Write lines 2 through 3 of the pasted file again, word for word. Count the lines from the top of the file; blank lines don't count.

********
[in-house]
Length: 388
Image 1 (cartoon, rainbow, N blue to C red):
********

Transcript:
Length: 388
Image 1 (cartoon, rainbow, N blue to C red):